And yet, we still suffer. From minor aches and pains to debilitating diseases. From flat tires to terrible accidents. From people talking behind your back at work or school because you are a Christian to having to flee your country because of an evil government. If this suffering is not to punish believers for their sins, and it isn't, what is is for? Our suffering reminds us that the whole world is suffering and longing for something better and we are too. Suffering teaches us to long for what is next, to long for heaven. Maybe you've heard it from someone who has lived many years on this earth or maybe you have said it yourself. How much longer until the Lord calls me home?
For Something Better
This question is only one for believers in Christ. We have the certain promise from our Savior that he is preparing a place for us in heaven. We long for that home because it will be better than anything we have yet experienced. An unbeliever can only try to prolong this earthly life as long as possible and try to avoid suffering while here. An unbeliever can only hope that they are right and there is no heaven or hell, that death in this world is simply the end of existence. Some in our state are pushing for ways to people to escape the suffering of disease through physician assisted suicide. Just take some pills, end your life and your suffering will end. Paul tells believers something completely different. He tells us that the suffering of all things in this world tells us that something better is coming. It is like the suffering of a woman before her child is born. So when we find ourselves suffering, patiently wait for the Lord to bring about his promise and take us home in his time and in his way.
The creation waits in eager expectation for the sons of God to be revealed.
We, along with all of creation waits for the sons of God to be revealed. Yes, we know that we are all sons of God through faith in Christ Jesus. But could you go to a baseball game and point out the Christians in the stands? We can't judge a person's heart by looking at the outside. We can't even know for certain if a person is a believer and thus going to heaven by what a person says. If you went into the local Catholic church, Baptist church, Methodist church, other Lutheran church and into our own congregation and asked people a simple question, I would guess that you would get lots of different answers. Here is the question: “What reason will you give to God for letting you into heaven when you stand before him?” The answer has to be “I don't deserve heaven but Jesus paid for my sins.”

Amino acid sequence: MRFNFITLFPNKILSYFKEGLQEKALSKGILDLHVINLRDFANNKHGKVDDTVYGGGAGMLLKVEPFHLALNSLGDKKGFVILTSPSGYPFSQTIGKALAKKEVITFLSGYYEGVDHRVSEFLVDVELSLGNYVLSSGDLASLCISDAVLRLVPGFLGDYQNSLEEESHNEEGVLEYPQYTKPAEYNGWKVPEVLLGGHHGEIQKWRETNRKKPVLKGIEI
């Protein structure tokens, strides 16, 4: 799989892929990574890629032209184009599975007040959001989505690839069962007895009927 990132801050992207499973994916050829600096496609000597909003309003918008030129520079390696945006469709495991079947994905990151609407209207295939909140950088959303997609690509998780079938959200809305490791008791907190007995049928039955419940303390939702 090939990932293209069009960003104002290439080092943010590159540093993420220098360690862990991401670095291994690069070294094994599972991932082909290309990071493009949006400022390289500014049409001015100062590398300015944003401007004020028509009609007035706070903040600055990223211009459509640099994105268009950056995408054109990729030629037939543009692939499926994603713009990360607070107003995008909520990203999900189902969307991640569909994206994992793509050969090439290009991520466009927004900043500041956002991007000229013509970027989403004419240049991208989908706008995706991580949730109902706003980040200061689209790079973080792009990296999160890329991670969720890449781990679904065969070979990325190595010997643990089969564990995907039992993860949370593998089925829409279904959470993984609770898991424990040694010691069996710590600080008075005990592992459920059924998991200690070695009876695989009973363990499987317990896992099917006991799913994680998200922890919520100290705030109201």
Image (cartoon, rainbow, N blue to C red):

Many who call themselves Christian give answers that are not Jesus. “I tried my best...I loved people...I did better than most.” Those who trust in themselves will not enter eternal life. Only those who trust in Christ alone. On the day we stand before God the true sons of God will be revealed. We long for that day for then we will be fully united with believers of every nation, tribe and language. When we get to heaven we will be with believers from every age of this world. There will be no concerns about false teachers or hypocrites in the church. We will be surrounded by the joy filled children of God. I long for that day.
We long for that day when something better happens for our body too.
Not only so, but we ourselves, who have the firstfruits of the Spirit, groan inwardly as we wait eagerly for our adoption as sons, the redemption of our bodies.
God created Adam's body from the dust of the earth and then breathed into him the breath of life. Adam was created by God with a body and a soul. Since sin entered the world we humans suffer in both body and soul. We long for the day our soul enters eternal life and our body returns to the dust from which it came. But we also long for the day when we live body and soul in heaven. Can you imagine how glorious it will be to have a body with no aches and pains? No arthritis or bad knees. No catching a cold or coming down with the flu. No heart disease or cancer. No mental illness. No birth defects. Your body will be raised to be like Christ's glorious body after his resurrection. How we long for that day!
But here is the hardest part:
If we hope for what we do not yet have, we wait for it patiently.
Unless Jesus returns this year, August 23rd will arrive and school will start. December 25th will arrive and we will celebrate the birth of Christ once again. We only have to wait and those dates will arrive soon. So also, we wait patiently for the promise of glory in eternal life. We have the certain promise from the Holy Spirit through the words of Romans today. Hold onto the promise as you patiently endure suffering in this life, longing for the something better that God will certainly give.